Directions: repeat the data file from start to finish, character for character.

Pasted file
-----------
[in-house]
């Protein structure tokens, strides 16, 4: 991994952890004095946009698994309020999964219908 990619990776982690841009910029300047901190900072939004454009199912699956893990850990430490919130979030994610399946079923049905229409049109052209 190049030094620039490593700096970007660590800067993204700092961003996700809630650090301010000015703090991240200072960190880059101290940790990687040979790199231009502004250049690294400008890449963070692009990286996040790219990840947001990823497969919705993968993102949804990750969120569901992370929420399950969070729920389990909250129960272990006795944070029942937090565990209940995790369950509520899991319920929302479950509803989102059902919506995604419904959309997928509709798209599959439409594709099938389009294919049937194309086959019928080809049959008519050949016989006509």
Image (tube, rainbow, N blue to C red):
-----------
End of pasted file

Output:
[in-house]
């Protein structure tokens, strides 16, 4: 991994952890004095946009698994309020999964219908 990619990776982690841009910029300047901190900072939004454009199912699956893990850990430490919130979030994610399946079923049905229409049109052209 190049030094620039490593700096970007660590800067993204700092961003996700809630650090301010000015703090991240200072960190880059101290940790990687040979790199231009502004250049690294400008890449963070692009990286996040790219990840947001990823497969919705993968993102949804990750969120569901992370929420399950969070729920389990909250129960272990006795944070029942937090565990209940995790369950509520899991319920929302479950509803989102059902919506995604419904959309997928509709798209599959439409594709099938389009294919049937194309086959019928080809049959008519050949016989006509």
Image (tube, rainbow, N blue to C red):